Miguel Martínez

Associate Professor of Spanish Literature and the College (on leave winter 2021)
martinezm@uchicago.edu
Classics 118
773.834.0429
PhD, CUNY-Graduate Center, 2010

My research and teaching focus on the cultural and literary histories of early modern Iberia and colonial Latin America. I am generally interested in the ways in which some early modern historical processes such as the printing and military revolutions, or the first globalization, contributed to a partial democratization of literary practices. In this sense, I have taught and published on topics such as war writing, book history, travel literature, autobiography, and popular culture. Secondly, my work is concerned with the role that literary practices and institutions have played historically in the configuration of Iberia (and its worlds) as a space of remarkable linguistic, cultural, and political complexity. In this regard, I have published on topics such as linguistic history, translation, Luso-Hispanic relations, and cultural competition.

My first book, Front Lines. Soldiers’ Writing in the Early Modern Hispanic World (Philadelphia: University of Pennsylvania Press, 2016) explores the writing and reading practices of the Spanish popular soldiery in both the Old and the New World. On the one hand, I argue that the common soldiers of the Spanish imperial armies played a key role in the shaping of Renaissance literary culture, by reinventing classical genres such as the epic, producing new regimes of truth for historical writing, and experimenting with new lyric and autobiographical subjectivities. On the other hand, I argue that these enriched literary traditions allowed soldiers to question received values and ideas about the social logic of warfare, the ethics of violence, and the legitimacy of imperial aggression. Through the soldiers’ republic of letters, servicemen and ex-combatants voiced discontent and articulated resistance.

I am currently working on two book projects: one on the literary culture of early colonial Manila in relation to the global renaissance; and the other on popular culture in early modern Spain. Additionally, I am finishing a critical edition of Catalina de Erauso’s Vida that for the first time takes into account the entire manuscript tradition of the text.

Selected Publications
  • Front Lines. Soldiers’ Writing in the Early Modern Hispanic World. Philadelphia: University of Pennsylvania Press, 2016.
  • Co-edited with Albert Lloret. Poesía y materialidadSpecial issue of Calíope 23.2 (Fall 2018).
  • “Theater and Society in Colonial Manila.” Revista de Estudios Hispánicos. Forthcoming.
  • “Ficciones genealógicas. El morisco Román Ramírez y los libros de caballerías.” In De sangre y leche. Raza y religión en la España moderna, ed. Mercedes García Arenal. Forthcoming.
  • “Narrating Mutiny in the Army of Flanders. Cristóbal Rodríguez Alva’s La inquieta Flandes (1594).” Early Modern War Narratives and the Revolt in the Low Countries. Ed. Raymond Fagel, Leonor Álvarez Francés, and Beatriz Santiago Belmonte. Manchester: Manchester University Press, 2020. 89-107. Forthcoming.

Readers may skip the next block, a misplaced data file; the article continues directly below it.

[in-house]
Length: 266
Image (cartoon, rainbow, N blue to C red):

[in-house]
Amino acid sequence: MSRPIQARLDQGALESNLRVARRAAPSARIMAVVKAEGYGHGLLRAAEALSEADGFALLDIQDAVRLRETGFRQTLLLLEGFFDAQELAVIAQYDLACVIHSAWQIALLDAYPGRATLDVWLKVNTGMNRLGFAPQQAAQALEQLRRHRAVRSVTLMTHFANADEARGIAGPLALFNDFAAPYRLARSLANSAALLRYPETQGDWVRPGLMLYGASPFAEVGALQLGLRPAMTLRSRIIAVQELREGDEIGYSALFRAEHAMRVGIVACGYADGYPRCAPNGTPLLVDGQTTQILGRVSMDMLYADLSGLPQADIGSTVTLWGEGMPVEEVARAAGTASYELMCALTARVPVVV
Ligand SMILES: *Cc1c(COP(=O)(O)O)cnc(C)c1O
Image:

• “Popular Balladry in Colonial America.” In The Rise of Spanish American Poetry, 1500-1700: Literary and Cultural Transmission in the New World. Ed. Rodrigo Cacho Casal and Imogen Choi. Oxford: Legenda, 2019. 101-116.
  • Góngora asiático. Notas sobre poesía filipina inédita del primer Barroco.” Docta y Sabia Atenea. Studia in honorem Lía Schwartz. Ed. Sagrario López Poza, Nieves Pena Sueiro, Mariano de la Campa, Isabel Pérez Cuenca, Susan Byrne y Almudena Vidorreta. Coruña: Universidade da Coruña, 2019. 473-90.
  • “Writing on the Edge. The Poet, the Printer, and the Colonial Frontier in Ercilla’s La Araucana (1569-1590),” Colonial Latin American Review 27.2 (2017): 132-53.
  • “Don Quijote, Manila, 1623. Orden colonial y cultura popular.” Revista Hispánica Moderna 70.2 (2017): 27-43.
  • “The Heroes in the World’s Marketplace: Translating and Printing Epic in Renaissance Antwerp.” In Translation and the Book Trade in Early Modern Europe. Eds. José María Pérez Fernández and Edward Wilson-Lee. Cambridge: Cambridge UP, 2014. 81-106.
  • “Language, Nation, and Empire in Early Modern Iberia.” A Political History of Spanish. The Making of a Language. Ed. José del Valle. Cambridge: Cambridge UP, 2013. 44-61.
  • “A Poet of Our Own: The Struggle for Os Lusíadas in the Afterlife of Camões.” Journal of Early Modern Cultural Studies10.1 (2010): 71-94.
Public Engagement
Awards, Honors, and Professional Experience
  • Franke Fellowship, Franke Institute for the Humanities, University of Chicago (2018-2019).
  • Neubauer Faculty Development Fellowship, for excellence in undergraduate teaching (2017-2018).
  • NEH and Donald L. Saunders Fellow at the John Carter Brown Library, Brown University (2013-2014).
  • NEH Summer Institute. “Empires and Interactions in the Early Modern World.” St. Louis University. (2013).
Recent Courses in RLL
  • SPAN 21500 Introducción al análisis literario (Autumn 2016)
  • SPAN 21803 Introducción a las literaturas hispánicas: textos españoles contemporáneos (Winter 2017, Autumn 2017, Autumn 2019, Spring 2021)
  • SPAN 23025/33025 Vidas infames. Sujetos heterodoxos en el mundo hispánico (1500-1800) (Spring 2021)
  • SPAN 24170/34170 El arte de sobrevivir: la tradición picaresca (Winter 2020)
  • SPAN 31800 Culturas populares en el mundo ibérico (siglos XVI-XVII) (Winter 2017)
  • SPAN 38800 Problemas críticos y teóricos en el estudio de las culturas Ibéricas y Latinoamericanas (Autumn 2019)
  • SPAN 38800 Estudio de literaturas y culturas ibéricas y latinoamericanas (Spring 2018)
  • SPAN 40017 From Baroque to Neo-Baroque (Autumn 2017)
Affiliated Departments and Centers: Center for Latin American Studies